Alzheimer’s Awareness & JHU’s Team for the Baltimore Walk to End Alzheimer’s

“The COAH team deeply cares about improving the lives of people living with dementia and their caregivers, which motivates our research. Alzheimer’s Awareness month is an opportune time to lend the community our support through scientifically sound information, and to give back to the community through efforts like the Baltimore Walk to End Alzheimer’s.”  

–COAH Director Jennifer Schrack, PhD


November is Alzheimer’s Disease Awareness Month, and there are several upcoming activities of interest around Alzheimer’s disease in which COAH faculty are participating that we would like to bring to your attention. 


Baltimore Walk to End Alzheimer’s: October 28th  

 Leading up to the month-long observation, COAH joined several other Johns Hopkins University aging and Alzheimer’s centers to form a team that will participate in the Baltimore Walk to End Alzheimer’s, which will occur on Saturday, October 28th at the Hunt Valley Towne Centre. You are cordially invited to join us! For details about the walk visit our team’s page, where you may also sign up with our team, show support and cheer us on, and make a tax-deductible gift towards our team’s $5,000 goal.  Your colleagues from the JH Alzheimer’s Disease Research Center (ADRC), and Resource Center for Minority Aging Research (RCMAR), Hopkins’ Economics of Alzheimer’s Disease & Services Center, Older Americans Independence Center, and COAH thank you.

“It is wonderful to see so many members of the Hopkins community participate in the ‘Walk to End Alzheimer’s.’ The walk here in Baltimore, combined with those elsewhere in the US, represents the world’s largest event to raise awareness and funds for dementia and memory loss prevention, care, and research. The annual walk provides the funds that help the Association to advocate for improved care for patients and increased funding for research. I hope as many people as possible will join our walk team on October 28th, and consider contributing funds to this effort, which continues till the end of the year.”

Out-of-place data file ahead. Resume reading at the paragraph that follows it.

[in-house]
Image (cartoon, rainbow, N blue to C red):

–JHU Alzheimer’s Disease Research Center Director Marilyn Albert, PhD 

  • Please enjoy this PowerPoint with a few of the reasons “Why We Walk”.

#BrainMatters Webinar: November 3rd 

The JH ADRC & RCMAR are cosponsoring a free #BrainMatters “Alzheimer’s Disease Research Update & Study Opportunities” webinar at noon on November 3rd. Topics will include new treatments and recent reports on the state of the Alzheimer’s disease nationally and locally, and ways people can make a difference to help advance scientific research and discovery by participating in research studies, clinical trials, and interventions. Register for the webinar here


About Alzheimer’s Disease & Alzheimer’s Disease Awareness Month  

As you may know, Alzheimer’s disease is one of many different types of dementia, and it is the most frequently diagnosed and well-known type of dementia. Other examples include Frontotemporal dementia, Lewy body dementia, vascular dementia, and mixed dementia (a combination of different forms of dementia).  


The National Institute on Aging describes dementia as “the loss of cognitive functioning—thinking, remembering, and reasoning—to such an extent that it interferes with a person’s daily life and activities.”  


Currently, the Alzheimer’s Association estimates that there are more than 6 million people over 65 years of age who are living with Alzheimer’s disease in the United States. Over the next 25 years, they project that number will be nearly 13 million people. 1 out of 3 seniors in the United States die from dementia-related illnesses—that’s more than breast and prostate cancer—combined.

There is no cure, but treatments are available. Research continues, so there is hope. Without a doubt, Alzheimer’s disease and related disorders constitute one of the most important health challenges of our time, yet the Alzheimer’s Association reports that only 4 out of 10 people experiencing early signs of memory problems would talk to their doctor about it.  In fact, less than 1 out of 5 Americans are familiar with Mild Cognitive Impairment.  


You may be interested to know that women and people of color are more frequently diagnosed than others, indicating disproportionate prevalence rates mirroring social determinants of health.  


Additionally, nearly half of all family caregivers are supporting a loved-one with dementia, per Alzheimer’s Association research. 


Now in its 40th year, President Ronald Reagan declared November as National Alzheimer’s Awareness Month in 1983.  The former president died in 2004 from Alzheimer’s disease after living with it for more than a decade. 


Are you interested in volunteering for a research study about Alzheimer’s?

COAH faculty in recent news related to Alzheimer’s disease:

Recent dementia research from COAH faculty:

Alzheimer’s Association Reports:

By Anthony L. Teano, MLA
Communications Specialist